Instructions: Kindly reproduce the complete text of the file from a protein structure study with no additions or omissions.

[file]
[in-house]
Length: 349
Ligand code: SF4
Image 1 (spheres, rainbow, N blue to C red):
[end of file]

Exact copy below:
[in-house]
Length: 349
Ligand code: SF4
Image 1 (spheres, rainbow, N blue to C red):